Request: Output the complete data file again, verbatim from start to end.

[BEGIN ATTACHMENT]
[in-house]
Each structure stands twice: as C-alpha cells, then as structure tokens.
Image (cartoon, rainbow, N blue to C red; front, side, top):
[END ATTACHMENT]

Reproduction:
[in-house]
Each structure stands twice: as C-alpha cells, then as structure tokens.
Image (cartoon, rainbow, N blue to C red; front, side, top):